Now of course, our sons had not entered the country illegally. They went to the immigration window and handed over their passports when they had arrived at the border just like they were supposed to. Paperwork was passed between them and the passport handed back. If there was any mistake, it was on the immigration officer’s side, but there was no way we could voice that error in fear of upsetting the officer worse. I coached my son as best I could over the phone and just told him we would pray.
I called our trusted taxi driver to ask him to wait at the airport in case he needed to get the boys back. He was still there and no problem. In between thoughts and words, I continually cried out, “Please, Jesus, advocate for my sons!” I reached out to the rest of our immediate family (even though they were all on another continent in different time zones) and also asked them to pray! Then the phone rang again … it was my youngest son once more.
“Mom, he finally found an entry stamp in (my brother’s) passport and so he decided that he would let us through.” I uttered over and over again, “Thank You, Jesus … oh, thank You, Jesus!” As a mother there was little else I could do but pray (being 3 hours away) and the Lord answered by advocating for my sons!!! Hallelujah! What a relief …
Now you might be wondering why I would send my sons alone without accompanying them. You see, we do this every six weeks. Our boys are well versed in how to pass through the border and making sure they have all the correct documents. They are also 17 and 18 years old. They are young men. I also would not have been allowed inside the airport with them anyways and especially not as far as the immigration counter. But I would never have wished such pressure for them from the immigration officer! Someone else’s mistake caused a lot of unnecessary stress and an immigration officer accusing them of doing something wrong.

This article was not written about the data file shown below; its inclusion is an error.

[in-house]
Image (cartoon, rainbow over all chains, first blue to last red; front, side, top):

Now you need to understand that the immigration officer had every right to hold my sons and charge them money without allowing them exit from the country if he had so chosen. He could have continued to accuse them of negligence at the border upon entry and held them accountable. It could have cost us literally thousands of dollars. If he had done that, my boys would have missed their plane. They would have missed their bus on the other end. They wouldn’t have made it back to school on Arrival Day. It was no small thing!
After I hung up the phone, I cannot tell you how many times I thanked the Lord over and over again. I was so, so grateful! As you can imagine, it took some time for my body to calm down and the adrenalin to subside. I tried to go back to sleep and dozed in and out of slumber. Finally, about 7:45 am, I gave up and just got up. By 9:00 am, the boys reached the next airport and by 11:00 am, the bus had picked them up. They were bound for their boarding school and safe in the hands of a dedicated staff member.
I miss them terribly. The house is so very quiet without them … once again. I get to see them next month when I travel to their school for a special event. I cannot wait. It will be my turn next to cross the border and face the immigration officers. I will look at my passport closely to make sure no mistake was made. But I might miss it, too. I sincerely hope not.
Living in a foreign country that is not your own brings some challenges at times. But the call that God has placed on our lives in bringing us here is stronger than the fear of what might happen here. He continually demonstrates His presence with us here whenever things like this take place. We know beyond a shadow of a doubt that this is where He wants, at least for now. So we know that He will provide and care for us through whatever comes our way. And today, yes, today … I am grateful for that, perhaps more than you might imagine.